Welcome to Scribd, the world's digital library. Read, publish, and share books and documents. See more
Standard view
Full view
of .
0 of .
Results for:
P. 1
Why Should a Firm Force Conversion

# Why Should a Firm Force Conversion

Ratings: (0)|Views: 66|Likes:

### Availability:

See more
See less

08/08/2013

pdf

text

original

FinancialAccounting

LEARN TO EXCEL
Homework Help
Step-by-Step Solutions
Experienced TutorsDetailed Explanationwww.classof1.com/homework-help/financial-accountingToll Free: 1-877-252-7763

*
The Homework solutions from Classof1 are intended to help students understand the approach to solving the problem and not forsubmitting the same in lieu of their academic submissions for grades.
Financial Accounting Homework Help from Classof1.com
Subect: Financial Accountin
Why Should a Firm Force Conversion?
The opportunity for a firm to force conversion arises when the conversion value of the bond islarger than the call price. Normally, a price cushion is required to reduce the likelihood of the firmpaying out cash. There are several reasons why a firm might want to force its investors to convertinto common stock by calling the bond. It might be a way to strengthen the capital structure so thatnew debt can be issued. Another reason for the firm to force conversion is that the cash outlays of outstanding common stock are less than with debt.For example, a growth stock may be paying zero dividends; thus, the after-tax interest paymentsare saved if conversion is forced. Assume a \$1,000 bond paying 0.10 interests is convertible into 40shares of common stock. The common stock pays a \$1-per-year dividend and is selling at a price of \$50. The call price of the bond is \$1,080. Should the company call? The corporate tax rate is 0.35.The company can call, since the conversion value, \$50 × 40 = \$2,000, is larger than the call price.If the bonds are called, the rational investors must convert rather than accept the call price.The conversion value is larger than \$1,080. The bonds converted into common stock will require\$40 per bond of cash outlays for dividends. The bonds now require \$100 of interest outlays, whichare \$65 after tax. The \$40 is less than \$65. The investors will receive \$40 of dividends instead of \$100 of interest; thus, they do not have their position improved by the call. The position of thepresent stockholders is improved by the c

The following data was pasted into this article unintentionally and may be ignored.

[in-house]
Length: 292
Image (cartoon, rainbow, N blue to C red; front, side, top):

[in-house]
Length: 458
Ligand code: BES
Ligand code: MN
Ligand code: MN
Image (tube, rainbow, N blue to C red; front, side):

all, since the firm’s cash outflow is reduced. In addition,
the downside protection offered by the bond (the put option held by investors) is eliminated.Earnings per share will also be affected by the conversion. Interest costs will be reduced, and thenumber of shares outstanding will be affected (the exact effect will depend on whether we are

*
The Homework solutions from Classof1 are intended to help students understand the approach to solving the problem and not forsubmitting the same in lieu of their academic submissions for grades.
Financial Accounting Homework Help from Classof1.com
Subect: Financial Accountin
computing earnings per share with or without dilution and on the nature of the conversionfeature). In some situations, the amount of debt not yet converted has become very small andcalling the debt is a reasonable way of eliminating an unnecessary financial complexity.There is a sound financial theory that convertible bonds should be called as soon as the marketprice of the bond is high enough above the call price to insure conversion. If called at lower prices,there might be cash outlays associated with the retirement of the debt. Just as an investor prefers tohold the convertible bond rather than convert because of the downside protection offered by the bond, the corporation wants to force conversion so that the legal obligation to pay interest andprincipal are replaced by the more flexible commitments to common stock.